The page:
New research has found that lightning activity decreased globally by a significant amount during the lockdowns of 2020 due to COVID-19.
Presented at the American Geophysical Union's (AGU) 2021 Fall Meeting in New Orleans, the research shows lightning activity decreased by eight percent during lockdowns resulting from the pandemic. Yakun Liu, a meteorological researcher at the Massachusetts Institute of Technology (MIT), attributes this to a decrease in air pollution during lockdowns.
Fewer pollutants being put into the atmosphere by daily life processes as they wind down during lockdowns means fewer chances for ice crystals to collect in storm clouds. Liu and other researchers believe the collisions of such crystals are one of the ways thunderheads generate the electrical charges that produce lightning.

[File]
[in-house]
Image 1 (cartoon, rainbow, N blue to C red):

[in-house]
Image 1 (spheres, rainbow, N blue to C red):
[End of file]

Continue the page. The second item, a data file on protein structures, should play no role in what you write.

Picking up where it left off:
The researchers tracked correlations between aerosol pollution and lightning activity worldwide from 2018 to 2021. It follows on from previous research conducted by Liu, showing lightning activity increasing by up to 270% over the Tasman Sea following the devastating bushfires that ravaged Australia over the 2019-2020 summer, as the smoke blew over it.
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